Marketing Strategies that Directly Earn Passive Website Income

Marketing in eCommerce isn’t always just involved with creating strategies that will boost traffic and B2C revenues but can also be used in earning passive eCommerce income.

Whether your website is a startup business offering complex services or a newly established online clothing store connected with an e-commerce platform, your website can sell more than what you primarily offer. Revenue can come from other places, such as:

Ad Space: A Game of Numbers

Most magazines earn the bulk of their money not from subscriptions or newsstand sales, but from ad space. Why else do you see full-page ads featuring multi-billion dollar corporations there?

Pay-Per Click advertising through Google Adsense allows publishers like you to take advantage of Google’s network of advertisers. This allows these advertisers to post ads on your website, and when their ads get clicks, you get paid between $0.50 to $5 each click.

Upon signing up, Google places a code on your website, identifying its content and displaying ads that are relevant. For example, if your e-commerce site is all about selling clothes online, Google Adsense might display ads for shoes and accessories.

Google Adsense isn’t the only way to sell ad space — you can do it yourself. Look for companies that sponsor blogs and websites, reach out to them, and start the negotiation process with them directly.

The number of visitors to your site would be your biggest selling point, should you choose to go this route. This is usually quoted as a dollar amount per one thousand impressions (CPM). Or, you could quote a direct price to the advertiser, and collect your payment on a regular basis, whether it’s monthly, yearly or some other interval.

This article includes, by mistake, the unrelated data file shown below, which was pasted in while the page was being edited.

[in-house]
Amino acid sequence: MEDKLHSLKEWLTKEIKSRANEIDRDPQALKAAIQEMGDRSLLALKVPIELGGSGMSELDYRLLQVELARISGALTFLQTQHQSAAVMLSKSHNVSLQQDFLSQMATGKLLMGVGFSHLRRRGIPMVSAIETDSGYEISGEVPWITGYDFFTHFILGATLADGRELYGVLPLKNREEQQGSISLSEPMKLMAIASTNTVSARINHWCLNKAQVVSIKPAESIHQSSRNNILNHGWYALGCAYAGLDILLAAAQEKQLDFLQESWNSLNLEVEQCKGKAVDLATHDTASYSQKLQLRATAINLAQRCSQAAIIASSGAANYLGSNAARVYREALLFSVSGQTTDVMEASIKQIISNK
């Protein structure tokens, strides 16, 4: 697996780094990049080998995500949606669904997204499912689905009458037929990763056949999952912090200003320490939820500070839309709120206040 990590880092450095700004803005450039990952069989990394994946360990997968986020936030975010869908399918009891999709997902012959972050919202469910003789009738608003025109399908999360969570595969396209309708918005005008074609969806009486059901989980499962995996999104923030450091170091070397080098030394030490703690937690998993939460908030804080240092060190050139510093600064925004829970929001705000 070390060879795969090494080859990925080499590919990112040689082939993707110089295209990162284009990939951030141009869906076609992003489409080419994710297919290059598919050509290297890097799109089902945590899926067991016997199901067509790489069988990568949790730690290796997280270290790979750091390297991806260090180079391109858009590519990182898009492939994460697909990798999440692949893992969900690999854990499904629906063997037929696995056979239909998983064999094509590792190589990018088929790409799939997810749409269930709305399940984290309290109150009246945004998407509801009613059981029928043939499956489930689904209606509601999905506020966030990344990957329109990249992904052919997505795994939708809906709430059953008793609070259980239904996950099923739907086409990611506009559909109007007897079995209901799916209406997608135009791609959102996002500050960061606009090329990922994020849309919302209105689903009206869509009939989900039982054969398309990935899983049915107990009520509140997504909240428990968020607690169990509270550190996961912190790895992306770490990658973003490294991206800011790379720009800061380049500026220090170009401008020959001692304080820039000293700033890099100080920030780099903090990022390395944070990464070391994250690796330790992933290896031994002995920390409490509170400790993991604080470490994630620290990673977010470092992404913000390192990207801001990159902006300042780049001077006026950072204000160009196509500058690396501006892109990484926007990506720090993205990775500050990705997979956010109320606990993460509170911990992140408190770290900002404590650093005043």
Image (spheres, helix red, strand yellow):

Affiliate Marketing: Where You Can Sell More

Having a blog section on your e-commerce site isn’t a new concept, as it’s one of the most popular ways to monetize website content. In fact, having a blog with optimized content on your online store can bring you more traffic and conversions.

And since the goal of your e-commerce site is to make money, it’s time to warm up to the idea of affiliate marketing as another revenue stream.

One of the best definitions of affiliate marketing is endorsing another company’s product or service in exchange of commission per sale.

The players in affiliate marketing are the Merchant (or Vendor), Affiliate (or Publisher), the Network (or Intermediary) and the Consumer. As the owner of an e-commerce website, you could be both the Merchant or Affiliate to different people. By having others promoting your products to their audience and paying them a commission, while promoting someone else’s products to your own customers, you can benefit from multiple streams of income.

It’s generally easier to get started as an affiliate, especially if you have access to a wide variety of products. Choose wisely, because your credibility is on the line. The products you choose should have a demand for them, so take the time to research how much your customers may want or need them. Review the products in your niche, and make sure these reviews are informative and helpful to your audience.